Increased urbanization worked in tandem with other cultural shifts to trigger this phenomenon. Growing awareness of global climate change makes activities like driving a car every day less socially desirable. This coincided with new attitudes in Western countries that emphasized quality-of-life choices over the acquisition of material assets. The movement of young, well-educated adults back to cities doesn't just mean they lack the space to buy a car; it also means they're accustomed to sharing space. Most important, the rise of the Internet lowered transaction costs and created a new brand of community building.
The idea of communal property was built into the Internet itself. The programs that make our online lives possible -- like Apache and Linux -- were created through a system of collaborative production, brought together by uncompensated volunteers around the world. The first services to take advantage of the sharing ethos allowed users to swap music and movies, and now both legal and illegal sites have picked up where programs like Napster left off. Social networks created a new kind of wealth. In the past, we might have shown off by buying a new car, but today we show off on Facebook. "We have a new way of attaining status that doesn't have to do with assets," Chase says. "How many friends do I have? How many people are tweeting or commenting about me? What is my score on World of Warcraft?"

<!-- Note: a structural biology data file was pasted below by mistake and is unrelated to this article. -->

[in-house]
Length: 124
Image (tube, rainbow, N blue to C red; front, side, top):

Not that we're suddenly willing to share everything. The idea breaks down somewhere along what Benkler describes as a conceptual continuum between oranges and apples. "Apples are harder to share than oranges. They require a little more intimacy or physical capability with a knife," he says. "Oranges just beg to be shared." Benkler believes that whether home-sharing services like Airbnb survive will test how far we're willing to go.
For some customers, the idea of sharing space and meeting new people is the biggest draw for joining these sites. When Ron Zucker, a 46-year-old who works in food policy in D.C., and his wife planned a trip to New York in December 2009, they decided to forgo traditional hotels and use Airbnb for the first time. Zucker found an apartment he liked near Times Square, but the regular tenant would be in town during the couple's planned trip. They decided to be roommates for the weekend.